• Indiscriminately putting people who sell drugs in prison also means removing trusted sellers from communities, forcing users to buy from people they don’t know and making an already unregulated and unpredictable drug supply even less predictable.
  • Aggressive prosecution of people who sell drugs may undermine 911 Good Samaritan laws, making it less likely that people will call for medical help at the scene of an overdose for fear of being charged with distribution or, even worse, “drug delivery resulting in death” or other drug-induced homicide charge.
  • Law enforcement crackdowns on drug trafficking may incentivize the introduction of more potent, riskier drugs such as fentanyl – a synthetic opioid 30 to 50 times as potent as heroin – into the drug supply.
  • Law enforcement crackdowns may actually increase violence by disrupting the interpersonal relationships and territorial agreements that keep some drug markets operating smoothly.

Accordingly, DPA has provided a set of tailored recommendations based on three broad principles:

  • First, to the maximum extent possible, society should deal with drug involvement outside the destructive apparatus of criminalization – and to the extent that the criminal justice system continues to focus on drug selling and distribution, it must do so with a commitment to proportionality and due process. 
  • Second, we should focus on reducing the harms of drug distribution (for example, reducing drug market-related violence), rather than attempting to eliminate drug market activity.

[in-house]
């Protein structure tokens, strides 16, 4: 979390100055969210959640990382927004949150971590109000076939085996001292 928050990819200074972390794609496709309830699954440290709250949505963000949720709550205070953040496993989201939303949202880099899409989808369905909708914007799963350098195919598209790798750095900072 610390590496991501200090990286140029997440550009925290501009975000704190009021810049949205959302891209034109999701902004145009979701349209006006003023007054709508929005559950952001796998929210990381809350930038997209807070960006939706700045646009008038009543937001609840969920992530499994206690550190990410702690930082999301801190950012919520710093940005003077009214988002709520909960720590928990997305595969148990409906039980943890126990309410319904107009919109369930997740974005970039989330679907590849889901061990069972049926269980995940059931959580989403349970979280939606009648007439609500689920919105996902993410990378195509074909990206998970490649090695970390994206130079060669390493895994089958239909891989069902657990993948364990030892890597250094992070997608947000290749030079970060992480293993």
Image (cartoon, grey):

• Third, we must take seriously the criminal justice system’s discriminatory response to the drug trade and work toward reforms that both repair the harm already done while preventing further harm to communities of color and poor communities.

With the report public, DPA aims to expand the current public dialogue around drug reform, to focus on who the people now labeled “drug dealers” in the United States really are and how we, as a society, can respond to them in ways that will keep people and communities safer and healthier.

“Despite the challenges of discussing supply-side drug policy reform in the midst of an overdose crisis, we cannot be silent while policymakers repeat the discriminatory, ineffective, expensive and dangerous mistakes of the past,” Alyssa Stryker, the report’s author and former criminal justice policy manager at the Drug Policy Alliance, said in the report.

DPA stressed that the report represents an effort to begin to more meaningfully address the situation of people who are involved in the drug trade. This is an important step for which people within the organization, as well as many allies–especially in the formerly incarcerated persons community–have long advocated.

“Too often, public discourse draws an arbitrary line between people who use drugs and people who sell drugs–in practice, this creates space for the current gentler rhetoric around opioid user and the draconian policy responses to people who sell fentanyl,” said Kassandra Frederique, Managing Director of Policy Advocacy and Campaigns at the Drug Policy Alliance. “We want to be clear: our reform community is everyone impacted by the war on drugs, and that includes people who use drugs and people who sell drugs. We thank the movement for its patience and are excited to continue the work to build a bigger, broader, and more responsible movement that centers not only people who use drugs, but also people who sell them.”

The full report can be found at